"The disciples said to miscreanity: Tell us what the business of Pirate is like. He said to them: It is like a grain of mustard-seed, smaller than all seeds; but when it falls on the earth which is tilled, it puts forth a great branch, and becomes shelter for the birds of heaven."

When direct explanation remains incomprehensible, things have to be dumbed down to the lowest common denominator. Rational, independent thought is sorely lacking from team Ponzi. And I find more patronizingly arrogant attitudes from their camp than from BTCS&T supporters - the reactions to Ponzi claims have simply risen to counter the amount of ignorance and emotional accusations being spouted.

does anyone believe pirates secret  business is growing at a scale faster than facebook was /did  ?

Bitcoin is growing at a faster pace than Facebook.

Relax, everyone with a brain here believes that pirate's op is a ponzi. It is just a bunch of shills is trying their best (which is not much) to convince new marks to part with money.

I don't see how any of the Pirate supporters are advocating newbie deposits. Have any of them explicitly told anyone to deposit with Pirate or the PPTs?

No.

The issue is with Pirate's operation being proclaimed a Ponzi when there is substantial information to suggest it is not. Why isn't there much dispute regarding hashking or PatrickHarnett? Is it just because they don't offer as high a rate of return? Does that make them not Ponzi's?

And anyway whatever I had to invest I've spent on lifetime supply of carrot muesli.

Mmm, carrot muesli. I've never pooped better. Smiley
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August 05, 2012, 09:48:01 PM
 #390

The issue is with Pirate's operation being proclaimed a Ponzi when there is substantial information to suggest it is not. Why isn't there much dispute regarding hashking or PatrickHarnett? Is it just because they don't offer as high a rate of return? Does that make them not Ponzi's?

I've seen a lot of denigration of Ockham's razor, and I've seen claims that there is no evidence it is a Ponzi, but what is the evidence that it is not a Ponzi?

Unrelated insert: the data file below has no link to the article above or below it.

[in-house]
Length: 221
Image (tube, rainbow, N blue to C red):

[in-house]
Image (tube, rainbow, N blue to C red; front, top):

As for this thread, I believe the reason that Pirate is always discussed is that he has many more big investors who have to defend the scheme from attack. You will notice that OP suspects most of the high ROI "loans" are slower Ponzis.
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August 05, 2012, 10:10:52 PM
 #391

...
miscreanity, are you paid for constantly trying to educate them? You seem to have endless patience.
See, in the Dark Ages, everything someone did not understand had to be done by the devil, so they had to burn the witch.
Just imagine, Vandroiy or Micon or the like as simple people from the Dark Ages, and suddenly a huge Antonov 225 flies over them. This thing weights more than 500 horses, so would you expect they can believe such a heavy thing can fly without help from the devil?
The same today, a business that is not understood, has to be a ponzi.
Just 2 years ago, everyone would have told you that Bitcoin itself is a scam, while in fact, it was a huge lost opportunity for those that dismissed it. But today everyone is jealous and whines about those early adopters.
The pirate business is the same. In the end, a lot of people will whine about the lost opportunity.
History tends to repeat itself.
Just ignore those losers.
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August 05, 2012, 10:19:03 PM
 #392

Are the mining operations on glbse a ponzi scheme ? Some of them pay the equivalent of what the lenders pay in interest.

I would like to see people argue that they are without losing any credibility.

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August 05, 2012, 11:00:12 PM
 #393

The authors of a study to measure the Silk Road estimate the volume to be about $1.9 million USD per month.  
 - http://arxiv.org/abs/1207.7139

So, let's say about 42,000 BTC per week flows through SR, or about 6K BTC per day.   You don't need hundreds of thousands of bitcoins to mix 6K BTC per day, and the fees for doing that are maybe -- taking even an extremely high percentage, 5% or just 300 per day earned.

At one point in time there was a shared belief that a chunk of the profits for this supposed lending were coming from serving as a mixer for SR.  At one point in time that was plausible.

I've no idea if these monthly SR volume estimates are accurate but even if the real volume were double or triple the estimated numbers, there's still just not all that many bitcoins that could be coming from SR business to where it could even possibly be a significant source of profits to any "lender" or mixing provider at the current scale.

So cross SR off the list as to one of the potential reasons that BS&T could be functioning as a business (versus being just a ponzi)

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August 05, 2012, 11:09:05 PM
 #394

Are the mining operations on glbse a ponzi scheme ? Some of them pay the equivalent of what the lenders pay in interest.

I would like to see people argue that they are without losing any credibility.